Pignanelli and Webb: Sure, you're tired of it — but just a little more on SB54, Mueller

We can affirm that most Utahns are sane, commonsense people who are exhausted by the Mueller investigation. They’re also tired of the never-ending fight over SB54 and Count My Vote. We contribute to the fatigue by exploring, one more time, the impact of these issues on our state.

Last week, Gov. Gary Herbert vetoed SB123, which gave party delegates control over naming candidates to run in a special election to fill a congressional vacancy. This is a continuation of the fight over SB54 and whether all voters, or just delegates, choose candidates. Will the governor's veto be upheld, or will the Legislature override the governor, putting power in the hands of party delegates?

Pignanelli: "My friends, no matter how rough the road, we can and we will, never surrender to what is right.” — Dan Quayle

The idiom "bad penny" describes an unpleasant or unwanted thing which repeatedly appears at inopportune times. The convention/delegate process and the furor surrounding SB54 is a "bad penny" despised by thousands. Herbert understands this and it explains the veto.

Legislators balance between the minority of loud protestors opposed to the election changes and the majority of residents who want the signature option for the primary. Lawmakers left SB54 untouched since passage in 2014, but threw small change (another penny metaphor) this year at the activists with SB123. Deep fatigue suffered by Capitol Hill politicos combined with the Supreme Court decision creates an incentive to sustain the veto.

Veto survival benefits lawmakers and the rest the population by eliminating those annoying pennies.

Webb: Herbert’s veto was courageous and correct. It should be upheld. Utah voters overwhelmingly want a say in choosing party nominees, even in special elections. The dual-track nomination system empowers all voters, not just party activists. The process has worked very well and the governor is right to insist the SB54 statutory process be followed in special elections. I predict the governor prevails.

A key factor in the future of the Republican Party will be the election of a new state chair at the party organizing convention in early May. Current chair Rob Andersondeclined to seek re-election after long and bitter fights with the right wing of the party. What is the current state of the GOP and potential impact on the 2020 elections?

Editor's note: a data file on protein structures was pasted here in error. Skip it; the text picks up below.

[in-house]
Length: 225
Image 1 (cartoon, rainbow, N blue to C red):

Pignanelli: The Utah GOP Convention will be of crucial importance to the party, and the state. Should delegates choose a new chairman that continues the battle on SB54, the party will sink into irrelevancy, jeopardizing organizational and fundraising activities. Further, future growth is questioned as Millennial and Generation Z voters are unwilling to embrace a process that is alien to their technological prowess.

However, if delegates select a mainstream leader willing to heal wounds, then Utahns will believe that the majority party is serious about rational public policy on matters that really concern them.

Webb: Utah Republicans should feel lucky they are so dominant in the state. Otherwise, party dysfunction and chaos would hurt GOP candidates. Party activists spend most of their time bickering over arcane party rules and what constitutes a purist Republican, rather than raising money for candidates and organizing at the neighborhood level. Some county Republican parties even snub candidates who don’t go through the caucus/convention system. So much for Ronald Reagan’s“big tent.”

GOP candidates know they get very little help from the party, so they do everything themselves. Many prominent Republicans have given up on the party and have formed a totally independent group, the Reagan Roundtable, to raise money and support sensible candidates.

Of the candidates running for GOP chair, Derek Brown, an attorney and former legislator who has worked for senators Mike Lee, Orrin Hatch and Bob Bennett, has the best chance of restoring some semblance of order and respect to the party. But it will be very difficult.

What impact does the results of the Mueller investigation report have on local politics and the 2020 elections?

Pignanelli: Mueller's analysis is Twitter fodder for the president. He will tweet frequently about the report exonerating him, while strident detractors obnoxiously nitpick various details. Thus, it becomes background noise for most voters — unless another investigation reveals something truly noteworthy. Democrats will gain more traction by highlighting the weaknesses on tariffs and healthcare.

Webb: It’s very good news for Republicans to have the collusion illusion behind them. If Trump will focus on mainstream issues and the economy, and not digress in weird directions (good luck with that!) Republicans have the potential to have a good 2020 election year.

Trump was, no doubt, a drag on Mia Love in 2018, helping deliver a win to Democrat Ben McAdams in the 4th Congressional District. But if the economy is rolling, Trump stays under control, national Democrats chase leftist policies, Republicans nominate a solid, mainstream candidate, and if they can get the vote out in Utah County (a lot to ask!), then 2020 could be a tough election for McAdams.